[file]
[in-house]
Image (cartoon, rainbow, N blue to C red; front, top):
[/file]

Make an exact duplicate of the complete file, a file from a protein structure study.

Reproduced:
[in-house]
Image (cartoon, rainbow, N blue to C red; front, top):